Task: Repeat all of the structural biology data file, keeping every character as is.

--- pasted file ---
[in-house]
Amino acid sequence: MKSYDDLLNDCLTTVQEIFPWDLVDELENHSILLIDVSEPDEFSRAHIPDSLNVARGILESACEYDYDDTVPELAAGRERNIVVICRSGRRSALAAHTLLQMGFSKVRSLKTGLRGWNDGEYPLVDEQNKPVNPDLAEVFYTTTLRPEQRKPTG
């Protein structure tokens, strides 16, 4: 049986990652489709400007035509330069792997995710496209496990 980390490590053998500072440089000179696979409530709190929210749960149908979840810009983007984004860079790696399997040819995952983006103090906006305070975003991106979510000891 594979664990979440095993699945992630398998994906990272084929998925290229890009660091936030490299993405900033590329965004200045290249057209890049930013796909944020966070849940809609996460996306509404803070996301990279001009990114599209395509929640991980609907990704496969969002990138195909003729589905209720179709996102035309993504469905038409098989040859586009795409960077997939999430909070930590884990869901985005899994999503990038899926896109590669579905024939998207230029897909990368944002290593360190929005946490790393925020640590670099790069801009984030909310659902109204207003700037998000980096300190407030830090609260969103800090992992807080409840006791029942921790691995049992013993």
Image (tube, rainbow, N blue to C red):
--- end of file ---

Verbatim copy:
[in-house]
Amino acid sequence: MKSYDDLLNDCLTTVQEIFPWDLVDELENHSILLIDVSEPDEFSRAHIPDSLNVARGILESACEYDYDDTVPELAAGRERNIVVICRSGRRSALAAHTLLQMGFSKVRSLKTGLRGWNDGEYPLVDEQNKPVNPDLAEVFYTTTLRPEQRKPTG
């Protein structure tokens, strides 16, 4: 049986990652489709400007035509330069792997995710496209496990 980390490590053998500072440089000179696979409530709190929210749960149908979840810009983007984004860079790696399997040819995952983006103090906006305070975003991106979510000891 594979664990979440095993699945992630398998994906990272084929998925290229890009660091936030490299993405900033590329965004200045290249057209890049930013796909944020966070849940809609996460996306509404803070996301990279001009990114599209395509929640991980609907990704496969969002990138195909003729589905209720179709996102035309993504469905038409098989040859586009795409960077997939999430909070930590884990869901985005899994999503990038899926896109590669579905024939998207230029897909990368944002290593360190929005946490790393925020640590670099790069801009984030909310659902109204207003700037998000980096300190407030830090609260969103800090992992807080409840006791029942921790691995049992013993």
Image (tube, rainbow, N blue to C red):